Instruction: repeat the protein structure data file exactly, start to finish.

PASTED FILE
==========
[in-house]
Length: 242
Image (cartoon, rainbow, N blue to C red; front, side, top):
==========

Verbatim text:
[in-house]
Length: 242
Image (cartoon, rainbow, N blue to C red; front, side, top):